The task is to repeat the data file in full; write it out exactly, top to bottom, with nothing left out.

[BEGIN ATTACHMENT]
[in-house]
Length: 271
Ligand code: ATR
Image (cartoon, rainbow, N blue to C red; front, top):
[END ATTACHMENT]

[in-house]
Length: 271
Ligand code: ATR
Image (cartoon, rainbow, N blue to C red; front, top):